Wednesday, April 22, 2009
It's Time to Work Out a Coherent Basis for Incorporation
David Gans, the Director of the Human & Civil Rights Program at the Constitutional Accountability Center, argued earlier this week that Monday's Ninth Circuit Second Amendment case gets us closer to working out a coherent basis for incorporation of the Bill of Rights via the Fourteenth Amendment Privileges or Immunities Clause (and not the Due Process Clause). Gans:
The Nordyke opinion moves our country a big step closer to a historic opportunity for the Supreme Court to finally recognize that Slaughter-House was wrong when written, and restore the Privileges or Immunities Clause to its rightful place.
Gans and CAC founder and President Douglas Kendall published an important report late last year tracing the history of the P or I Clause and arguing that it, not the Due Process Clause, was originally (and still is) the proper basis for incorporation. They also filed an amicus brief making this argument in the Seventh Circuit Second Amendment case.
Gans's post is an excellent analysis of this component--incorporation via P or I--of the Ninth Circuit decision. But I'll add to Gans's post this: The Ninth Circuit's narrow, almost too clever rejection of P or I as a basis of incorporation is itself a clear illustration of the disarray in incorporation jurisprudence and a strong argument for clarifying incorporation doctrine by using the much simpler, more obvious, and historically correct vehicle of the P or I Clause.
This is what I mean. The Ninth Circuit rejected the P or I Clause as the basis for incorporation by turning to its own prior ruling on the issue in Fresno Rifle. The Ninth Circuit in that case rejected Second Amendment incorporation, but it didn't specify the clause--P or I, or Due Process--upon which it rejected incorporation. So the Nordyke panel looked more closely at Fresno Rifle and discovered that Fresno Rifle relied upon Cruikshank and Presser--two cases that "involved direct application and incorporation through the Privileges and Immunities Clause, but not incorporation through the Due Process Clause." Thus, the Nordyke panel said, Fresno Rifle was really a rejection of incorporation via P or I. The Nordyke panel made Fresno Rifle into the Ninth Circuit's Slaughterhouse, or at least its Cruikshank and Presser.
This is exactly the kind of analytical gymnastic--building bad case cleverly upon bad cases--that, at the Supreme Court, led to the "current disarray" of Fourteenth Amendment jurisprudence. Saenz v. Roe (Thomas, J., dissenting).
This is more than just critique of the Ninth Circuit's approach. It's also a prudential argument--to complement Gans and Kendall's originalism and textual arguments--to work out a coherent basis for incorporation now.
If the Ninth Circuit needs to make this kind of clever maneuver to incorporate via Due Process--and to avoid incorporation via P or I--isn't it time for the Court to overturn Slaughterhouse and incorporate via the much cleaner P or I?
Restoring privileges and immunities is not the answer. Realizing that there are two citizens under the Constitution of the United States since the adoption of the Fourteenth Amendment is.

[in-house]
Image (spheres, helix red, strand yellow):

In the Slaughterhouse Cases, the Supreme Court held that citizenship of a State was separate and distinct from citizenship of the United States; that a citizen of a State was separate and distinct from a citizen of the United States:
“Of the privileges and immunities of the citizen of the United States, and of the privileges and immunities of the citizen of the State, and what they respective are, we will presently consider; but we wish to state here that it is only the former which are placed by this clause (Section 1, Clause 2 of the Fourteenth Amendment) under the protection of the Federal Constitution, and that the latter, whatever they may be, are not intended to have any additional protection by this paragraph of the amendment.” Slaughterhouse Cases: 83 U.S. (16 Wall.) 36, at 74 (1873).
That there are two citizens; a citizen of the United States, and a citizen of a State who is not a citizen of the United States, is shown in the following case of the Supreme Court of the United States, Sun Printing & Publishing Association v. Edwards (194 U.S. 377):
"As Delaware must, then, be held to have been the legal domicil of Edwards at the time he commenced this action, had it appeared that he was a citizen of the United States, it would have resulted, by operation of the Fourteenth Amendment, that Edwards was also a citizen of the State of Delaware. Anderson v. Watt, 138 U.S. 694. Be this as it may, however, Delaware being the legal domicil of Edwards, it was impossible for him to have been a citizen of another State, District, or Territory, and he must then have been either a citizen of Delaware or a citizen or subject of a foreign State. In either of these contingencies, the Circuit Court would have had jurisdiction over the controversy. But, in the light of the testimony, we are satisfied that the averment in the complaint, that Edwards was a resident ‘of’ the State of Delaware, was intended to mean, and, reasonably construed, must be interpreted as averring, that the plaintiff was a citizen of the State of Delaware. Jones v. Andrews, 10 Wall. 327, 331; Express Company v. Kountze, 8 Wall. 342.” Sun Printing & Publishing Association v. Edwards: 194 U.S. 377, at 381 - 383 (1904).
Posted by: Warren Hathaway | Sep 20, 2011 10:14:46 PM